Duterte is claiming he murdered a man by throwing him off a helicopter when he was a mayor:


He's officially the villain of an unused Die Hard script.

post #70 of 358
Originally Posted by Iron Maiden View Post

Duterte is claiming he murdered a man by throwing him off a helicopter when he was a mayor:


He's officially the villain of an unused Die Hard script.


I think he may be confusing his life with the movie Scarface. 

post #71 of 358
Thread Starter


When you say something so egregiously shitty that even the Auschwitz Memorial Twitter account calls you out:


post #72 of 358
Thread Starter 
Originally Posted by Iron Maiden View Post


When you say something so egregiously shitty that even the Auschwitz Memorial Twitter account calls you out:



"Sorry, Auschwitz, but I think I might know a little bit more about this subject than you."


post #73 of 358
Thread Starter 
post #74 of 358
Originally Posted by Iron Maiden View Post

Israel says it's going to impose sanctions on New Zealand for its Security Council vote:

Andy Bain, is there a lot of trading between Israel and New Zealand?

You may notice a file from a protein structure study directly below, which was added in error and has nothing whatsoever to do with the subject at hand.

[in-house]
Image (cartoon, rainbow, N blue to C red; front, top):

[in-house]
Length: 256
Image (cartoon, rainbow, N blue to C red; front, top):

They are apparently 55th in our trade partners.

They seem to send over either spies or overstayers who sell shit cosmetics, then bunk without paying rent or reimbyrsing people when they are found out to be heavy pressure sales people.

Fuck 'em. I am ridiculously proud that we are the only Western country to put our name to condemning them for their aggresive apartheid policies and crimes against humanity.
post #75 of 358
Thread Starter 

A worker at a Japanese ad agency killed herself because she was working 100 hours per week and getting insulted:


The chief apologized and is stepping down.

post #76 of 358

The current political turmoil in South Korea potentially being a look into the future of the Trump presidency (as opposed to being a mirror for it):





The Choi Soon-sil scandal, and the subsequent impeachment of Park Geun-hye, are seismic events that are sending shock waves throughout the world. The scandal’s magnitude and bizarre nature are tempting many observers to connect it to other seismic political events around the world, such as the Brexit vote in the United Kingdom and the election of Donald Trump in the United States. Seizing upon the massive weekly protests, the observers claim that the South Korean “people” are tired of the “status quo” and are now revolting against the “establishment.” By making this connection, these observers are trying to forge some type of grand theory of global politics, trying to capture a planet-wide zeitgeist of some kind.
But this is all wrong—a lazy analysis that is totally ignorant of Korea’s recent political history. Korea’s reaction to the the Choi Soon-sil-gate does offer a real political lesson for the world, but not because it is the second coming of Brexit or another version of Trump.